BOWIE – The county council is preparing to give its amendments and approvals to the Prince George’s County Zoning Rewrite, and the city of Bowie wants its opinions noted as well. At the Jan. 17 meeting, the city council voted 7-0 to approve the city planning staff’s recommendations on the draft zoning ordinance modules. The […]
BOWIE – The county council is preparing to give its amendments and approvals to the Prince George’s County Zoning Rewrite, and the city of Bowie wants its opinions noted as well.
At the Jan. 17 meeting, the city council voted 7-0 to approve the city planning staff’s recommendations on the draft zoning ordinance modules. The comments of residents, municipalities and stakeholders will inform the county council’s discussion on the ordinance. The city’s planning staff presented five pages of recommendations, and according to Joe Meinert, Bowie’s planning director, there are many provisions the city staff supports.
“We found in a large number of instances, the new zoning ordinance rewrite standards are actually going to improve upon the city’s development guidelines. So in that respect we are pleased to see those types of changes,” he said.
The staff recommendation also included several suggested changes to the draft modules. Among them are the increase of lot coverage requirements in the single family residential, 6.7 zone; opposing counting private yard spaces as open space set-asides; and revising the threshold for when a parking plan is required from 100 spaces to more than 20. Staff also supported allowing home gardens in any yard on residential properties, according to council documents.
Councilman Isaac Trouth voiced concerns about the changes to the Signage regulations in the proposed ordinance in anticipation of developments like the mixed-use Karington project with the potential for many signs.
“We have a more stringent sign requirement than does the county,” Trouth said, wanting to make his commitment to limiting signs known. The council voted to include those concerns as an amendment to city staff’s recommendations.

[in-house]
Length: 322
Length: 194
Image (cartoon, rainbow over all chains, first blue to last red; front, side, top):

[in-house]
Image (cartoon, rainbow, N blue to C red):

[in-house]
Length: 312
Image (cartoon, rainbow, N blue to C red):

Trouth also doubled down on a point of opposition included in the recommendation; some uses or constructions not allowed under the zoning ordinance can be approved as departures under the current law. According to council documents, the rewrite would change some of those to adjustments to be handled at an administrative level. The documents state staff “oppose the new process for departures because it takes away functions currently assigned to some municipalities and gives the approval authority to the (county) planning director.”
Councilman Michael Esteve had more more general concerns that dealt with the impacts the new ordinance would have on density in the city. He asked whether the zoning change would result in residential uses being permitted in areas where the current zoning does not permit it.
Meinert said the intent was to translate the old zones into new ones, not to make zoning changes.
“Basically, they are trying to follow that same pattern throughout. So you’re not going to see any surprises, so to speak, where they’re going to change the zoning to allow something that’s not allowed today,” Meinert said.
Esteve also wanted to know how the new zones created by the ordinance compare to the old ones in terms of residential density. Meinert said generally, the new zones are “more generous.” Esteve said that concerned him.
“That’s an issue where I’d really like us to consider the impact on the city,” Esteve said. “We’ve been getting a lot of concerns from residents lately about increased dense residential units. To the extent that this plan enables that to happen or makes it easier, that’s definitely something we’re going to hear from our constituents about, so that’s an area I’d like us to have a conversation about with the Maryland-National Capital Park and Planning Commission and our county leaders.”
The city’s comments on the rewrite will be given to planning staff as well as to the county council.